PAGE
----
The Moneyist: After my father died, my brother has been bullying me to lend him money

Dear Moneyist,

For decades my father enabled his children by providing extensive financial aid. Though well-intentioned, the effect was to create dependency on a financial savior who had no expectation of being repaid. In fact, it served to prolong periods of unemployment — by many years.

My father passed away 6 years ago. One of my brothers had made multiple appeals for money — either in the form of investing in insurance products I don’t want/trust (to the tune of $100,000) so he can get a commission, or “underwriting” a series of seminars where he would offer “free” dinners to people listening to his sales pitch (to the tune of $7,000).

He will harken back to family history 30-plus years ago when my father helped me. He ignores that he got financial help in his late 50s through his mid-60s. I received help during a period of unemployment in my 20s. He makes not-so-veiled threats about the future of our relationship should I not support him in this way.

Don’t miss: My brother and I inherited a condo from our mom — but he refuses to pay the bills

This erupted when I asked when he planned to get back on track. He owes me $1,200 for more than a year. He is deep in debt — $8,000 in credit-card debt and he owes $1,600 to the Internal Revenue Service.

Frankly, I have no faith in his ability to be successful in his career, nor do I believe he would repay me even if he had money – given his sense of entitlement and anger at perceived unfair treatment. I believe his demands would continue indefinitely, and he sees me as a “weak link” whom he can manipulate into giving help due to fear of estrangement.

I welcome any insight you can offer on how to deal with this, maybe your Facebook group also has ideas. Alas, this is a time sensitive problem, so if you could post today that would be so appreciated.

Ms. P

Dear Ms. P,

Philip Larkin and Nancy Reagan come to mind.

The relevant line from Larkin’s poem, “This Be The Verse,” contains an expletive, so I’ll link to it here instead. The former First Lady’s quote is easier: “Just say no.” Say it in whatever language you want. As long as he gets the message, that’s all that matters. Your father took a page out of the book of Matthew: “Ask and it will be given to you; seek and you will find; knock and the door will be opened to you.” That’s fine for those who believe in the power of prayer, but not so good when it comes to managing your life and your finances.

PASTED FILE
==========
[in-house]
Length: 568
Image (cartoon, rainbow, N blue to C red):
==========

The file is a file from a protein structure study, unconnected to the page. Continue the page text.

So what did your father teach you? He wanted you to have the best of everything, sure, but he didn’t know when to say no. And, now, neither do you. It just takes practice: “No,” or “Alas, no.” You do not need to give reasons. As you say, that created a sense of entitlement. I’m guessing you all made out pretty well, but some did better than others. What can you do with your father’s lesson? Reverse the lesson. Your father blurred too many boundaries helping everyone out with no end in sight and no proper due diligence. You can change that.

Also see: ‘I don’t know how heterosexual men in America date without going broke’

You could tell your brother, “I don’t want to commercialize our relationship. Let’s leave money out of it.” You may not get the reaction you want. He may cut ties or stomp his feet or tell you what he thinks of you. That’s fine. You’re not responsible for his actions. You are only responsible for your own. As this man discovered when his uncle borrowed $20,000 from his family, relatives are among those who are least likely to pay you back. They have too many emotional strings to pull. Tell him you love him and write off the bad debt, and end this cycle of entitlement.

P.S. I hope my response arrives in a timely fashion!

Do you have questions about inheritance, tipping, weddings, family feuds, friends or any tricky issues relating to manners and money? Send them to MarketWatch’s Moneyologist and please include the state where you live (no full names will be used).

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